Relevant Hints

MemSQL can perform group-by on encoded data using a HashGroupBy operation, and can also do a group-by on columnstore data using a StreamingGroupBy operation on the sort key of the columnstore. Due to the improvement of HashGroupBy with the introduction of operations on encoded data, it may be the case that HashGroupBy is faster than StreamingGroupBy, yet the query optimizer may choose StreamingGroupBy. If this occurs and it is important for your workload to tune the query to get better performance, you can use the disable_ordered_scan query hint. For example:

select sum(a) from t with (disable_ordered_scan=true) group by b

You can use EXPLAIN to see the plan for your query to check the type of group-by operation chosen.

Data Encodings Supported

Operations on encoded data only are supported for these cases:

  • String columns with string dictionary and string run-length encodings
  • Integer columns with value and run-length encodings

Group-by/aggregate operations on encoded data are supported for all these encodings. Filter acceleration on encoded data is supported for strings and integers.

It is recommended that you allow MemSQL to choose automatically how to encode data for columnstores. However, in the rare event that it chooses an encoding that does not support operations on encoded data, and it is important to you for your application that operations on encoded data be performed, you may wish to force the encoding chosen. You can do this with the option '<encoding>' notation. For example:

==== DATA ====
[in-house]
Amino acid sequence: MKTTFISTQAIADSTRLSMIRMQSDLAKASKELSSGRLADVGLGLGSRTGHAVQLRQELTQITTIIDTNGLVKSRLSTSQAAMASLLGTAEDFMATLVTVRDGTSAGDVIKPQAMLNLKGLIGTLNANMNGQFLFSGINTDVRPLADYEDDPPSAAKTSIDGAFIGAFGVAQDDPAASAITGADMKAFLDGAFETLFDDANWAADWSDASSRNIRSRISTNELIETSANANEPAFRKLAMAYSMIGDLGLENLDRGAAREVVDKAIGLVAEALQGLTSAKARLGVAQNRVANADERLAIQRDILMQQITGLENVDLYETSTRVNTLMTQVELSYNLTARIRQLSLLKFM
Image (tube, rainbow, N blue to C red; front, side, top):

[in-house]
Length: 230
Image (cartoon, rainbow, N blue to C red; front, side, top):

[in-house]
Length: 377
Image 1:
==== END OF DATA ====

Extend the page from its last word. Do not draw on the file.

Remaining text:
create table t (a int, b varchar(50) option 'StringDictionary', 
  key(a) using clustered columnstore);

Operations Supported, and Limitations

To summarize the operations supported on encoded data, as well as limitations to operations on encoded data, they include:

  • Scan
    • Faster decoding for integer encoding
  • Filter
    • Filters on the following:
    • Strings for string dictionary and string run-length encoding
    • Integers for run-length encoding
    • Or-of-ands of filter expressions; filter expressions must involve a single string column for faster processing
    • Support for Bloom filters on string columns (elimination of rows with no matches for joins on a single string column)
  • Aggregates

    • Aggregates supported: sum, min, max, count, any
    • Aggregate input data types supported: all numeric
    • Aggregate expressions supported: multiple table columns allowed in a single expression